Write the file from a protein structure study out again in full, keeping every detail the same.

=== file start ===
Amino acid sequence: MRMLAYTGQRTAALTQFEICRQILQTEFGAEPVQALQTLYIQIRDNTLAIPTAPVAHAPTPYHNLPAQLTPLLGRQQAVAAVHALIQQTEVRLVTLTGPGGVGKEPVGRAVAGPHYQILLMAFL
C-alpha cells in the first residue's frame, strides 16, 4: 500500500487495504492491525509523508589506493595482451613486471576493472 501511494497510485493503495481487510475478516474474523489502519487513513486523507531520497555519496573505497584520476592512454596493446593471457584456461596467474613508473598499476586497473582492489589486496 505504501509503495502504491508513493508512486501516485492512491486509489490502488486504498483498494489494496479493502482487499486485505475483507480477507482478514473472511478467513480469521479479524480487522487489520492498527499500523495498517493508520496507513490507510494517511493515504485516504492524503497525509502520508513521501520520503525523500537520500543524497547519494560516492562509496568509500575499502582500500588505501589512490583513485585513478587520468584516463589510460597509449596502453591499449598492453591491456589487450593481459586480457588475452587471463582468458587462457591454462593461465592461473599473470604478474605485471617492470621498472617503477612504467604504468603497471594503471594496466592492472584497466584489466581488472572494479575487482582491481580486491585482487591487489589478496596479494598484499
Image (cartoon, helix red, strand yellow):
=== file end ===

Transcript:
Amino acid sequence: MRMLAYTGQRTAALTQFEICRQILQTEFGAEPVQALQTLYIQIRDNTLAIPTAPVAHAPTPYHNLPAQLTPLLGRQQAVAAVHALIQQTEVRLVTLTGPGGVGKEPVGRAVAGPHYQILLMAFL
C-alpha cells in the first residue's frame, strides 16, 4: 500500500487495504492491525509523508589506493595482451613486471576493472 501511494497510485493503495481487510475478516474474523489502519487513513486523507531520497555519496573505497584520476592512454596493446593471457584456461596467474613508473598499476586497473582492489589486496 505504501509503495502504491508513493508512486501516485492512491486509489490502488486504498483498494489494496479493502482487499486485505475483507480477507482478514473472511478467513480469521479479524480487522487489520492498527499500523495498517493508520496507513490507510494517511493515504485516504492524503497525509502520508513521501520520503525523500537520500543524497547519494560516492562509496568509500575499502582500500588505501589512490583513485585513478587520468584516463589510460597509449596502453591499449598492453591491456589487450593481459586480457588475452587471463582468458587462457591454462593461465592461473599473470604478474605485471617492470621498472617503477612504467604504468603497471594503471594496466592492472584497466584489466581488472572494479575487482582491481580486491585482487591487489589478496596479494598484499
Image (cartoon, helix red, strand yellow):